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How we are making family more important than food

Picture of kitchen closed sign on the counter.

What should we eat tonight? This is a question that I have always struggled with. I would spend time searching for that new cool meal; that meal the whole family would love. I have Pinterest boards and YouTube lists to tell the tale. I wanted my family to love what I cooked and to all eat together. Research says "When a family sits down together, it helps them handle the stresses of daily life and the hassles of day-to-day existence. Eating together tends to promote more sensible eating habits, which in turn helps family members manage their weight more easily."

In reality I was doing the opposite. My children weren’t appreciating my efforts and they were often rejecting them without even tasting the food. I was creating more stress by trying to get them to eat the things I was making. As a result we were eating together as a family even less, and we were often eating at different times and completely different meals.

A few months ago things started to change. Nathan and I had been reading a lot about minimalism. About how valuable it can be to decide what things are really important to you and making space and time for those things by simplifying other parts of your life. My husband also started to work from home, which meant he was around more and heard and saw more of the stress that food brought to my life. He started to push me to simplify how we ate. I didn’t take kindly to this at first. I wanted my food to be interesting and exciting, and I thought the children should want this to. Over time I realized that this was an amazing area to work on simplifying. Instead of letting food add stress to my life, I needed to learn how to look at food as what it is, energy and nutrition for me and my family, and use it as a tool to help connect our family.

We started out by creating some rules:

  • Meals are to be eaten at meal time. The kitchen is closed at all other times of the day.
  • Meals should be unifying, meaning we eat what is cooked, instead of each of us making whatever we feel like eating.
  • Doing the dishes is part of the meal.

To be fair, many of these rules were just as hard for me as they were for the rest of the family. For example over the years, from various diets I had been on, I had started to try to only eat when I was hungry, meaning that I would often eat at different times of the day from the rest of the family. Our new family rules meant that this was no longer acceptable. If I was asking my children to live by these rules then I had to set an example. Another habit I had created over the years was that if my children made something like Mac & Cheese for lunch, I wouldn’t be interested, and instead would make something “healthier” for myself. What I realized though, was that if I was expecting the children to eat what I cooked for a given meal, then I should eat what they made as well. One other change I realized I had to make was that if I wanted my children to eat the meals I was making then I had to be willing to be flexible. There were some meals I just needed to stop making since none of my children would eat them. Other meals I just needed to add or drop an ingredient or two to make it more universally acceptable to all of my children.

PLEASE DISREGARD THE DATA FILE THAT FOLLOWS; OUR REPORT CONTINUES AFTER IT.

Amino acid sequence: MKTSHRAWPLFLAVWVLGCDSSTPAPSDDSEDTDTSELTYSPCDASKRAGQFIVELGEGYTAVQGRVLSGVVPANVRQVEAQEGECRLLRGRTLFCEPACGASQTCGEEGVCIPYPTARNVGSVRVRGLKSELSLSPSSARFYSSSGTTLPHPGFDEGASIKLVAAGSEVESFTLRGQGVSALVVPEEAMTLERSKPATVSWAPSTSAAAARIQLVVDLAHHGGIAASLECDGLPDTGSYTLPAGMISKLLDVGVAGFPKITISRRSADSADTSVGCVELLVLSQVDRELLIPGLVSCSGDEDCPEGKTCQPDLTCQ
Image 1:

As we started down this path of simplifying meal time and trying to make it more meaningful it took a lot of effort to change habits. We created some cute little signs that said “Kitchen Closed” that we would put on the counters at the end of each meal. We put more effort in getting teenagers out of their room for lunch. This work has paid off though. Meals used to stretch over an hour or longer, now breakfast takes about 20 minutes for all 9 of us to eat and clean up. Lunch takes maybe 30 minutes. Supper depends on what we are eating. And most of the time, we are all eating together (we are still working on all sitting together at the same table 😉).

As we made progress on the 3 rules listed above, and started to adjust the foods that we made based on what everyone, or most everyone, would eat, we ended up creating a couple more rules:

  • Toast and simple sandwiches are always okay if you don’t like what is being served. As parents we try not to take this escape hatch in order to set an example.
  • A smaller set of well liked dishes is better for family unity and less stressful than trying to create something new and exciting. Here is our list of regular meals we eat.

We certainly haven’t perfected family meal time. We still have children that balk at what we are eating. We still struggle at getting teenagers to come down for meal time. But we have certainly improved. We have more meals all sitting around the big dining room table. The kitchen stays cleaner. We use less dishes. I have less stress and tears involved with eating. And one benefit I wasn’t expecting was since instituting these more structured meals I have lost 5 pounds without even really trying. We have been very pleased at how beneficial these changes have been in our lives and hope that some of these ideas may help you and your families as well.

Kelli & Nathan

Published on July 14, 2020


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We are Kelli and Nathan, we have been married for over 20 years, and have 8 kids. In our lives we have had a lot of success, and a lot of failures, we are hoping to help others learn how to improve their lives and avoid potential pitfalls. Please follow us on YouTube, or one of our other social media accounts. If you have any questions we would love to try to help.

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